Should You Pay The Ransom?

The recent surge in popularity of “ransom-ware”, along with Islamic State’s penchant for hostage-taking got me thinking about kidnapping & ransom.

In last weekend’s FT, Tim Harford reviewed the work of Reinhard Selten on the ‘Chain Store Paradox’ and it struck me that there was a strong parallel between the rational response of a monopoly chain-store owner to new entrants into the market, and the question of whether an individual should pay the ransom to a kidnapper.

As a parent (of two teenaged sons) I can of course appreciate that on a personal level, if anything happened to anyone in my family I would stop at nothing to get them back safely. Yet in doing so, I would in a small way be perpetuating the ‘business’ of kidnapping. Governments face the same dilemma and there has been much media coverage (e.g. this article in The Guardian) recently of the question as to whether some European governments are compromising US & UK’s harder stance on the issue by paying ransom to get their citizens back.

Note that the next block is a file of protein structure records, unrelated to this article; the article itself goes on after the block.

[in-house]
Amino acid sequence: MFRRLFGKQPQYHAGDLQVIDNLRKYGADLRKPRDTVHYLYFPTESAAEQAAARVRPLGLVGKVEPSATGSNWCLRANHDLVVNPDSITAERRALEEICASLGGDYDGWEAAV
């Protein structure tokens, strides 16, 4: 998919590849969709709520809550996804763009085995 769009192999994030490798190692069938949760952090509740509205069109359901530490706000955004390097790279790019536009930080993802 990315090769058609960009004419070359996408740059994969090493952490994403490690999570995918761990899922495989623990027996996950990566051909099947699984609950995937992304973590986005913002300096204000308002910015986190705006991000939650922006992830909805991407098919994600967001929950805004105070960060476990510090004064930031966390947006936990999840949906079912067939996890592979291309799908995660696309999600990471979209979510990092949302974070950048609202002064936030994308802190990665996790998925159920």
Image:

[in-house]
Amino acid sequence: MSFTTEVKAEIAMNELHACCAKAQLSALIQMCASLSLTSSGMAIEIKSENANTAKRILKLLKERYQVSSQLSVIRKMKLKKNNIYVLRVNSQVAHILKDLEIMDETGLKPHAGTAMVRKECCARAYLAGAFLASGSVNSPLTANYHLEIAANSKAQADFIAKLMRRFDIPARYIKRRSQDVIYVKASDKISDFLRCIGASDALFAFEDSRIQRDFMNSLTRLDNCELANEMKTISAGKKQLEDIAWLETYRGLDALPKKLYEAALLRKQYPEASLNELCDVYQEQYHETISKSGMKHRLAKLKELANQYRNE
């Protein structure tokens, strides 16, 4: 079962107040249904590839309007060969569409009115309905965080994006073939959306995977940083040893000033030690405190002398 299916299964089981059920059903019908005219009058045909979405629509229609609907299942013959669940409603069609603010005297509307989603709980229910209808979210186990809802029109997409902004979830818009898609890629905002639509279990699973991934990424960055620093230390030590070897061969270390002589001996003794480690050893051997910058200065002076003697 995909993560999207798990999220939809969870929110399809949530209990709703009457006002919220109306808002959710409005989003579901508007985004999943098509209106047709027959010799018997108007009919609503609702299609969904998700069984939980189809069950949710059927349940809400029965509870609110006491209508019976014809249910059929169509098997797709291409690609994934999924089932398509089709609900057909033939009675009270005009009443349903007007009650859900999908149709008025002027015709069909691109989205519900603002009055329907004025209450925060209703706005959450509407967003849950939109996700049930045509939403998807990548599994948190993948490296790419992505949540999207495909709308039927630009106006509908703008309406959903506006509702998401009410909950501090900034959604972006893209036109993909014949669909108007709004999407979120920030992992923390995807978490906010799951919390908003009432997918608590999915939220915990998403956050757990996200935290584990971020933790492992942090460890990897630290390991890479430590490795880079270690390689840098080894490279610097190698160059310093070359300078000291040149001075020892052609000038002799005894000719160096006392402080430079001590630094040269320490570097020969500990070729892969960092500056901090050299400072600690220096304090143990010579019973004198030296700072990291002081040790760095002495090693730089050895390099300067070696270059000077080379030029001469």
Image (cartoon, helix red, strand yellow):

In Harford’s article he points out that Selten considered two possible extreme responses for the monopoly chain-store owner: either step aside, keep prices high and expect to lose some market share; or alternatively crush the upstart by dropping prices.

It seems to me that to have any chance at all of eradicating hostage-taking, destroying the economic model is the only way to do so. That means firstly governments agreeing not to pay ransom, ever. And perhaps it also means making the paying of ransom by individuals or corporates a criminal offence. This might seem extreme, but I think it’s probably the only way. It’s also pretty unlikely to come to pass unfortunately since even the permanent members of the UN Security Council don’t appear to be able to trust each other to keep their words on this matter.


This article first appeared on LinkedIn 23 September 2014

Dying on Payday

This is from the egalitarian Sweden: